We've written, as recently as today, how current events can re-contextualize our past monster and horror films. However, considering that COVID-19 is already climbing the ranks of deadliest events in our lifetime, it will undoubtedly redefine how we view future scary movies as well. Just like how the atomic bomb gave birth to Godzilla, and the events of September 11 made the public so desensitized as to pave the way for "Torture Porn" like Saw and Hostel, Coronavirus is going to transform the genre profoundly. The question that lies before us is: How?
The obvious place to start is with films like Contagion. There will be more movies that deal head-on with the threat of disease, but that premise is so close to reality that it is almost rendered tepid. It'd be like if you made a scary movie about an evil German dictator in the 1940's. That's not horror. That's history. You'd have to change the scope or really get innovative with the premise if you wanted to make it work. Perhaps the pathogen only attaches to those you love, or it follows you into hell after you die, or it could be purely psychological. Maybe the disease is limited to one person, and our protagonist is desperate for someone else to be infected if only to have someone else feel their pain. Maybe it explodes your genitals.
It's more than likely though, that Coronavirus will inspire horror movies in more subtle ways. After an era of social distancing and face-coverings, perhaps we'd fear those who don't wear masks more than those who do. A mask-less Michael Myers leaping out to grab you might be infinitely scarier than his masked variant.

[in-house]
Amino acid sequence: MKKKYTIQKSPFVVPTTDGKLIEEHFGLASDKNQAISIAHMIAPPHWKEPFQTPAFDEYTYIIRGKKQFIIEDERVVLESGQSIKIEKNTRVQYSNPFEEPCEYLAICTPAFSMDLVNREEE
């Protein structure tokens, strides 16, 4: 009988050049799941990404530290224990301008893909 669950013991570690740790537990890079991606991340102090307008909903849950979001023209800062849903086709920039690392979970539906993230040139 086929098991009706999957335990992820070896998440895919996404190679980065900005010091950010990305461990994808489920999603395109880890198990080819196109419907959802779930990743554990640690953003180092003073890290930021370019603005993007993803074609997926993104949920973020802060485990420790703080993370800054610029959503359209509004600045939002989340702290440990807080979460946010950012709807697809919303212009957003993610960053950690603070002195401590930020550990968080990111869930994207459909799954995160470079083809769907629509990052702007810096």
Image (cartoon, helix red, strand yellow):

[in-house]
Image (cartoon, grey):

There are also our preconceived notions of safety to consider. Typically being with other people makes you safe in a slasher movie. The worst thing you can do is split up and isolate because then the bad guy picks you off. But, in our current world paradigm, safety is isolation. Maybe a post-COVID-19 slasher is a shapeshifter, able to take the guise of other people and rendering you unable to live safely unless you are alone.
We haven't even touched on zombie movies, which is an infection metaphor if we've ever seen one. But perhaps our future COVID-flavored zombies won't transmit through a bite, but rather through a touch or a sneeze. Maybe the zombies themselves will feast not on our brains, but on our lungs. Or, maybe most terrifying of all, perhaps we won't even be able to tell who is a zombie, much like we can't always determine who carries COVID-19.
There's a lot to work with when it comes to how this pandemic shapes up horror films. Unfortunately, the virus is mutating, meaning our COVID-horror inspiration might mutate along with it. The real question might not be how COVID-19 will inspire future horror movies, but if anyone will be around to watch them in the first place. (And also if it explodes our genitals.)
Top Image: Universal Pictures